we have analyzed. The most difficult stage in criticism, interpretation demands an answer to the “So what?” question. For instance, the greater visual space granted to 60 Minutes reporters—compared with the close-up shots used for interview subjects—might mean that the reporters appear to be in control. They are given more visual space in which to operate, whereas interview subjects have little room to maneuver within the visual frame. As a result, the subjects often look guilty and the reporters look heroic—or, at least, in charge. Likewise, if we look again at the New York Times, its attention to particular countries could mean that the paper tends to cover nations in which the United States has more vital political or economic interests, even though the Timesmight claim to be neutral and evenhanded in its reporting of news from around the world.

4EVALUATION. The fourth stage of the critical process focuses on making an informed

judgment. Building on description, analysis, and interpretation, we are better able to evaluate the fairness of a group of 60 Minutes or New York Times reports. At this stage, we can grasp the strengths and weaknesses of the news media under study and make critical judgments measured against our own frames of reference—what we like and dislike, as well as what seems good or bad or missing, in the stories and coverage we analyzed.

This fourth stage differentiates the reviewer (or previewer) from the critic. Most newspaper reviews, for example, are limited by daily time or space constraints. Although these reviews may give us key information about particular programs, they often begin and end with personal judgments—“This is a quality show” or “That was a piece of trash”—that should be saved for the final stage in the critical process. Regrettably, many reviews do not reflect such a process; they do not move much beyond the writer’s own frame of reference or personal taste.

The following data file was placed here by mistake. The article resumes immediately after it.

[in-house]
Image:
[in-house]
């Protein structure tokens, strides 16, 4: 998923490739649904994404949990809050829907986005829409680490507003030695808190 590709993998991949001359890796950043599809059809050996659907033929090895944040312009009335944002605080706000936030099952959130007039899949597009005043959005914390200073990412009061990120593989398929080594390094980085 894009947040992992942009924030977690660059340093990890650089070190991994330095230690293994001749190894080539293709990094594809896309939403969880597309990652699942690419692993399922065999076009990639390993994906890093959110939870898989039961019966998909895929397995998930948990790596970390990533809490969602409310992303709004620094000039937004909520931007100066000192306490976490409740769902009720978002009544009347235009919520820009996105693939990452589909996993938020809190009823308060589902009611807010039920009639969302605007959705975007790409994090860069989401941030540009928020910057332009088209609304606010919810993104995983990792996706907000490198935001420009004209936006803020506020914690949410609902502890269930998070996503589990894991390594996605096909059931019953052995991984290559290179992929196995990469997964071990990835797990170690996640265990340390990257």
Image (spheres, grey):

5ENGAGEMENT. To be fully media literate, we must actively work to create a media world that

helps serve democracy. So we propose a fifth stage in the critical process—engagement. In our 60 Minutes and New York Times examples, engagement might involve something as simple as writing a formal letter or an e-mail to these media outlets to offer a critical take on the news narratives we are studying.

But engagement can also mean participating in Web discussions, contacting various media producers or governmental bodies like the Federal Communications Commission with critiques and ideas, organizing or participating in public media literacy forums, or learning to construct different types of media narratives ourselves—whether print, audio, video, or online—to participate directly in the creation of mainstream or alternative media. Producing actual work for media outlets might involve writing news stories for a local newspaper (and its Web site), producing a radio program on a controversial or significant community issue, or constructing a Web site that critiques various news media. The key to this stage is to challenge our civic imaginations, to refuse to sit back and cynically complain about the media without taking some action that lends our own voices and critiques to the process.

We are doing our first CML as a class, and with an optional partner.  I allowed everyone to work with a partner to discuss placement of 5 high culture televisions shows and 5 low culture television shows.  

The next step is to take each show through the description stage by listing what you can from the list below.  Use websites like to help you.  


For each set of programs we need to, gather information and evidence.

On a separate piece of paper, describe the programs by listing their  narrative features, such as

  • basic plots,
  • central conflicts or tensions,
  • typical subject matter,
  • major themes,
  • main characters,
  • and how tensions are resolved.
  • you can also add other information you think may be beneficial.